Evangelization can never be just a marginal concern, pope says

VATICAN CITY - Evangelization must never be a marginal concern for the church, Pope Benedict XVI said.

From bishops to religious and the lay community, "All elements of the great mosaic of the church must feel themselves strongly called on by the Lord's mandate to preach the Gospel, so that Christ may be proclaimed everywhere," the Pope said in his message for World Mission Sunday.

The annual observance will be marked Oct. 21 at the Vatican and in most countries.

    Sprucing up your prayer life can help bring you closer to God

    TORONTO - With the busy schedule of a university student, Vanessa Nicholas-Schmidt was finding it difficult to fit prayer into her regular routine during her school years.

    To remedy this, her spiritual director suggested she get creative, recommending a variety of different prayer styles.

    “She said Jesus is not expecting the friendship to look any one way,” said Nicholas-Schmidt, program director at Faith Connections, the Sisters of St. Joseph of Toronto’s youth ministry. “How can we talk to Jesus in a way that fits in with our lives no matter where we are on the journey?”

      Consecrated life means living for God, others, pope says at audience

      VATICAN CITY - Consecrated life entails giving oneself completely to God and living for others, Pope Benedict XVI said.

      Speaking at his weekly general audience Jan. 25, the Pope continued his catechesis on Christian prayer, looking at the Last Supper, when Jesus instituted the Eucharist and the ministerial priesthood.

      The Pope said Jesus prayed for God's intercession for his disciples, who, like himself, "do not belong to the world."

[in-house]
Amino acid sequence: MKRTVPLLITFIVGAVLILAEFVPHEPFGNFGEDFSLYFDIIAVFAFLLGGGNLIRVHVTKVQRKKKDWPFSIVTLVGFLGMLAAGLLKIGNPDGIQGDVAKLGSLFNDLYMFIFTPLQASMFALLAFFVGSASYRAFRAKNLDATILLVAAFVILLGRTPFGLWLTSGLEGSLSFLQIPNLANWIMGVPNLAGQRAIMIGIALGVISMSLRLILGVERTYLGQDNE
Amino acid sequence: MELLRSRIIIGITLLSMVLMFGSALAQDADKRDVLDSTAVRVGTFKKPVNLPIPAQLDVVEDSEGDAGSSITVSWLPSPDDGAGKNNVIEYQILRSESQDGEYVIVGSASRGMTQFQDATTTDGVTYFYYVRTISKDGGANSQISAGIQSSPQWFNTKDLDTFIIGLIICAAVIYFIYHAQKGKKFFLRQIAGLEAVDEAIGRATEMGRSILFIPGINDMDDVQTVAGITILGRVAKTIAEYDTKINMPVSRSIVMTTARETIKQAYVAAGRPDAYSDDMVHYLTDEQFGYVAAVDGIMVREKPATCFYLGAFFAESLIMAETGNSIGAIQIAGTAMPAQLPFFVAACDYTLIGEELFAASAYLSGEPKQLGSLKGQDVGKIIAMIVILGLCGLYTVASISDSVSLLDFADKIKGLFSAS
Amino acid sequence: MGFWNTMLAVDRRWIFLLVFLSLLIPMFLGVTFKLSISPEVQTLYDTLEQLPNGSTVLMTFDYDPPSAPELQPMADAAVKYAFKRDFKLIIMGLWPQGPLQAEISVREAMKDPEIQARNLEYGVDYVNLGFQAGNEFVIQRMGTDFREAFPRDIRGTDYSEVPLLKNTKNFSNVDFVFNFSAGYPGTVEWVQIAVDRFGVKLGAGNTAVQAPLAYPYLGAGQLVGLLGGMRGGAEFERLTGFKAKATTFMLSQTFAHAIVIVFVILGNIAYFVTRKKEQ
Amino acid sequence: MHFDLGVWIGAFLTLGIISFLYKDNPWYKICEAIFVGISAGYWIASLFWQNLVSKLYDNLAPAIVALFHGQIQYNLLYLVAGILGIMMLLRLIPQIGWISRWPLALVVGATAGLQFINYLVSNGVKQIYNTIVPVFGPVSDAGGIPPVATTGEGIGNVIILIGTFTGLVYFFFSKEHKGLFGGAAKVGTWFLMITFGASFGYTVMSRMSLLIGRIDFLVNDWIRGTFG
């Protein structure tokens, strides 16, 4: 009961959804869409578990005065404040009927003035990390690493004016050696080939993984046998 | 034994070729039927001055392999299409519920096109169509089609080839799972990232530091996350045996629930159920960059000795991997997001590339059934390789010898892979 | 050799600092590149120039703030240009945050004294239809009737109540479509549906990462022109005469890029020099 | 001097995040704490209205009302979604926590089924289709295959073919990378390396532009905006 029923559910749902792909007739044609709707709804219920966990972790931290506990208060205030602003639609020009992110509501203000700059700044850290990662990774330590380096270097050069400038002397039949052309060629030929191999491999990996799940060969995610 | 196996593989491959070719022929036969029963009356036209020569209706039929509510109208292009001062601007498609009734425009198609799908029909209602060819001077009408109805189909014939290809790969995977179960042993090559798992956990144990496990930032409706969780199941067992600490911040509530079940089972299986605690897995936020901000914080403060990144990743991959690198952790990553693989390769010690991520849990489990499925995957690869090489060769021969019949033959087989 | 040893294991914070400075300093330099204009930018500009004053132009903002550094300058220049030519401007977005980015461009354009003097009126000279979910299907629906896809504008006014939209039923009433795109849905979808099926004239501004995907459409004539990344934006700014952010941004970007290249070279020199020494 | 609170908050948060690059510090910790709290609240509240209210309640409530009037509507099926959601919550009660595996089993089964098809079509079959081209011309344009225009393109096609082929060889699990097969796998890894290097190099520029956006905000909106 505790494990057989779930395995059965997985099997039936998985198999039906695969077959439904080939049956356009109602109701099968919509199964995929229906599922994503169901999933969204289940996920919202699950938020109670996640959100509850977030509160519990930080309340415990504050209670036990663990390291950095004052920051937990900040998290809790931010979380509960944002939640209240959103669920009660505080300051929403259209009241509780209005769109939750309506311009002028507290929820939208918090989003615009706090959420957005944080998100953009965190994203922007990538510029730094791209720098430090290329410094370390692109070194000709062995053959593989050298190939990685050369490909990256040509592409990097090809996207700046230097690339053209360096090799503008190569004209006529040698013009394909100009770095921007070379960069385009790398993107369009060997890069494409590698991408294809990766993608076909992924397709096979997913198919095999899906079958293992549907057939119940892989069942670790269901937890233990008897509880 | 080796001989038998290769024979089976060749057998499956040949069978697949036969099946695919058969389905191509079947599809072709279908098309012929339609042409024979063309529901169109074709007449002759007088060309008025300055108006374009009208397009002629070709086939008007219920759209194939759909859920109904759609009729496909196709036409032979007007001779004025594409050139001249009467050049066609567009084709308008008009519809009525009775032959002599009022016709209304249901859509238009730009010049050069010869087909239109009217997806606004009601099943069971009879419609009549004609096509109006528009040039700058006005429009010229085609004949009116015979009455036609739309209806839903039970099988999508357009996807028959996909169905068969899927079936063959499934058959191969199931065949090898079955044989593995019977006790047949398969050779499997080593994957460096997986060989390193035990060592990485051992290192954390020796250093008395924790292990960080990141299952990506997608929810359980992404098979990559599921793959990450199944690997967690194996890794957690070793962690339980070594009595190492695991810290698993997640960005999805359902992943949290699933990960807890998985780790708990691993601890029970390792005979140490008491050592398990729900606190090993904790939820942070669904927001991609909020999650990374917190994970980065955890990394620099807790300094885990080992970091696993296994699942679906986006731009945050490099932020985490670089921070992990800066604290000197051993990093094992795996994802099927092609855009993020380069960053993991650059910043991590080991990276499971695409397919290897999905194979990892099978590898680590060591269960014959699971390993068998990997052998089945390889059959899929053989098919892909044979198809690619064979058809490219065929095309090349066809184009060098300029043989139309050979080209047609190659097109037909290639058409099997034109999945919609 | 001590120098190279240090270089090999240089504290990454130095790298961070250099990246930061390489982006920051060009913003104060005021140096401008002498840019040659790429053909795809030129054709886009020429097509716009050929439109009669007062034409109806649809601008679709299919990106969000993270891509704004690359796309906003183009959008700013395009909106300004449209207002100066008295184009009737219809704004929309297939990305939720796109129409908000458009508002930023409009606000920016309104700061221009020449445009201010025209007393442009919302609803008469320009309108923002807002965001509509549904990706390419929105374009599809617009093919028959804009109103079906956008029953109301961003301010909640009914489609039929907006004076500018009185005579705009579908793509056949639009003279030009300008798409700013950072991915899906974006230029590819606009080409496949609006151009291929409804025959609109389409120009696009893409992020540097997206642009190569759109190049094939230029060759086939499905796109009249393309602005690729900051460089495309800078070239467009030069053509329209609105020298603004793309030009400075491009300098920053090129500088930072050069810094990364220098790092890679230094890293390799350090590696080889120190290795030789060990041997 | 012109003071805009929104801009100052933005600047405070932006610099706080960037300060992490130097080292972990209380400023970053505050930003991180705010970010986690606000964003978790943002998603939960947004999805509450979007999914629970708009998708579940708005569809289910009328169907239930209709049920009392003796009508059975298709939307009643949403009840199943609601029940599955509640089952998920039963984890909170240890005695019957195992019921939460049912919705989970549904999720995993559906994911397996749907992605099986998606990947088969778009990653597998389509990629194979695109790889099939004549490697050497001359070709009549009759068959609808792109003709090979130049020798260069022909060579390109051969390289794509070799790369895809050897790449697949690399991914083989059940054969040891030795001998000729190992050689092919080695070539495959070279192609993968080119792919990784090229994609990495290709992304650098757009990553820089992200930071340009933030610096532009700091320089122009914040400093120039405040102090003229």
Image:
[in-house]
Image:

Miss America knows gifts are from God

        MILWAUKEE — All smiles, Susan Kaeppeler, fourth-grade teacher at Kenosha’s St. Joseph Academy’s lower campus, was greeted with the red-carpet treatment when she arrived to class Jan. 16 after a whirlwind weekend where she saw her oldest daughter, Laura, crowned Miss America.

        The 23-year-old brunette won the Miss America title in Las Vegas Jan. 14. “Some of the parents decorated her classroom, and made some posters and put them up in the gym as the school day began,” said Pauline McTernan, St. Joseph development director.

          Face adversity with courage, humility, grace

          Fifth Sunday in Ordinary Time (Year B) Feb. 5 (Job 7:1-4, 6-7; Psalm 147; 1 Corinthians 9:16-19, 22-23; Mark 1:29-39)

          Most people have shared Job’s feelings and thoughts at least once in their lives. There are times when life seems futile, burdensome and joyless. And as we grow older the years seem to fly by with ever-growing speed. Often things do not turn out as we had hoped or planned. Dreams fade, relationships sour and fail and there are many heartbreaks and disappointments along the way.

            Chastity as purity of heart and intention

            To live a chaste life is not easy, not just for celibates, but for everyone. Even when our actions are all in line, it is still hard to live with a chaste heart, a chaste attitude and chaste fantasies. Purity of heart and intention is very difficult.

            Why? Chastity is difficult because we are so incurably sexual in every pore of our being. And that is not a bad thing. It’s God’s gift. Far from being something dirty and antithetical to our spiritual lives, sexuality is God’s great gift, God’s holy fire, inside us. And so the longing for consummation is a conscious or inchoate colouring underlying most every action in our lives.